‘A bridge builder and a very steady hand’

Bishop Patrick Lee Photo: Contributed
Bishop Patrick Lee Photo: Contributed
Published September 30, 2010

Bishop Patrick Lee, who was bishop of Rupert’s Land from 1994 to 2000, died on Sept. 26 in Perth, Ont. at the age of 79.

Bishop Lee is remembered fondly in Canada as well as in Uganda, where he and his wife, Mary, spent six years working in the West Buganda diocese (part of which is now Central Buganda diocese).

Archbishop Michael Peers knew Bishop Lee when they were both parish priests in Winnipeg in the 1960s and 70s. “He was creative about ministry in the parish and in the community,” said Archbishop Peers. “He was adventurous, in the sense of being ready to go to Uganda, and also for bringing the Ugandan church and our church closer together. …He was a bridge-builder and a very steady hand.”

Archbishop Peers said that as a bishop, Bishop Lee “was very much a person trusted in the diocese. His roots in the diocese were deep.”

Bishop Lee was born in Winnipeg in 1931 and grew up in Gilbert Plains, Man. He completed a B.A. at the University of Manitoba in 1953. He earned a testamur from St. John’s College in Winnipeg in 1957, although he served as a missionary in Eriksdale, Man. in 1955 and 1956. From 1957 to 1959, he served as a missionary priest in Interlake Area, Man., and then as rector for St. Bartholomew’s Church in Winnipeg until 1967 and for St. Mary’s la Prairie in Portage la Prairie until 1975. He was district dean for the deaneries of Portage la Prairie and Pembina (1970 to 1975) and then dean of Cariboo and rector of St. Paul’s Cathedral in Kamloops, B.C. until 1984.

At this point, after their four daughters were grown, Bishop Lee and his wife Mary worked for six years in Uganda. Although their tasks sounded tame — Bishop Lee spent time as dean of a training unit, conducting seminars for clergy and leaders of the parishes — they were in serious danger on several occasions in the turbulent years following dictator Idi Amin’s regime. Bishop Lee later self-published a book about their time in Uganda titled Safari in Faith: Bats in the Attic, Cockroaches in the Kitchen. Bishop Lee summed up their Uganda experience this way: “Two privileged middle-class Canadians came to see God present in a suffering people of another continent and another culture – a privilege of eternal worth. Thank you to those people for reflecting God’s love and embracing us.”

After they returned to Canada in 1990, Bishop Lee served as the chaplain to the bishop of Rupert’s Land for a year and then as executive archdeacon until 1994. He was elected diocesan bishop on March 5, 1994 and consecrated as bishop of Rupert’s Land on May 24, 1994.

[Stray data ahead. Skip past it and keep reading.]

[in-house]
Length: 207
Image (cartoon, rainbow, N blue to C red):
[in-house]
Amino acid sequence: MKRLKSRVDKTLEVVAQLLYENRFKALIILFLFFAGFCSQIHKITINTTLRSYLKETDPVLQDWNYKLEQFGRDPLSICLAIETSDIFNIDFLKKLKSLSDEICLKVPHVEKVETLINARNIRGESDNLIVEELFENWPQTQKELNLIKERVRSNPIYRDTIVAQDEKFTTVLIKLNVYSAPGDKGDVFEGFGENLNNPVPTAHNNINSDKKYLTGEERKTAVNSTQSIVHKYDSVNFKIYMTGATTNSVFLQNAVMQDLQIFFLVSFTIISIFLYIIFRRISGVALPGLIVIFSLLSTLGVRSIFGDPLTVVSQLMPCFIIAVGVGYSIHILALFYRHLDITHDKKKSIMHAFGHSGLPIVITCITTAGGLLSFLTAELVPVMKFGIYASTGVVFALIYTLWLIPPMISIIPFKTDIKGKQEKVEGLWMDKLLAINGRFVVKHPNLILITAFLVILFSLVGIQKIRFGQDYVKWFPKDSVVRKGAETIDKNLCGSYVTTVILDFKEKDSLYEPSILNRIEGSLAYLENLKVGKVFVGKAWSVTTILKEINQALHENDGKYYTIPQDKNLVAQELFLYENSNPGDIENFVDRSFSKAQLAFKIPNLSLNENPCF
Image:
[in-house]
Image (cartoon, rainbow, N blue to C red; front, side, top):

Archdeacon Godfrey Mawejje first met Bishop Lee when they worked together in Uganda and their friendship continued ever since. The two men worked closely together sharing a tiny office and travelling throughout the West Buganda diocese together in the same car. Archdeacon Mawejje describes Bishop Lee as honest and steadfast, a kind man and a true friend. “He was so dedicated to his work…. And he gave his heart to the places and the people he worked with.”

His outpouring of love was returned, says Archdeacon Mawejje. “I’ve been receiving calls here. It’s very expensive to call from Uganda…but I’ve received phone calls here with people saying how sorry it is to hear the news of Patrick Lee’s death, so he is still well-remembered, highly-respected, and people are missing him dearly there too.”

Archdeacon Mawejje said that Bishop Lee radiated his strong faith to others around him. “It is that faith which kept him coming back to Uganda and even staying in spite of the strife that was there…. He never ran home … [never] dropped his missionary work to go back home.” The diocese of Rupert’s Land is linked with Central Buganda diocese (carved out of West Buganda in 1995), and that connection is attributed to the hard work of Bishop Lee and Mary when they were there, he added. Today, Mawejje is the rector of St. George’s Wakefield and St. Clement-Mapleton and regional archdeacon for Selkirk-St. Andrew’s in the diocese of Rupert’s Land. He came to Canada first as a missionary in the ’90s, recommended by then-Executive Archdeacon Lee to the diocesan bishop at that time.

Bishop Lee is survived by his wife Mary, and their daughters Sharon Lee (Rama Mkakatu) of Perth, Sandra Lee of Pickle Lake, Ontario, Laura Anne Fink (Christopher Fink) of Calgary, Suzanne Wray (Jeffrey Wray) of Winnipeg, and six grandchildren – Amanda Wray, Katie Wray, Bryan Wray, Daniel Fink, Andrew Fink and Baraka Mkakatu.

Friends and family are invited to join for the funeral service to be held on Fri., Oct. 1st, 2010 at 11 a.m. in St. James Anglican Church, Perth, Ont. The interment will follow a funeral service to be held at a later date in Winnipeg. Memorial donations can be made to the elevator fund of St. James Anglican Church, Perth, the Perth & District Food Bank or a charity of your choice.


  • Leigh Anne Williams

    Leigh Anne Williams joined the Anglican Journal in 2008 as a part-time staff writer. She also works as the Canadian correspondent for Publishers Weekly, a New York-based trade magazine for the book publishing. Prior to this, Williams worked as a reporter for the Canadian bureau of TIME Magazine, news editor of Quill & Quire, and a copy editor at The Halifax Herald, The Globe and Mail and The Bay Street Bull.

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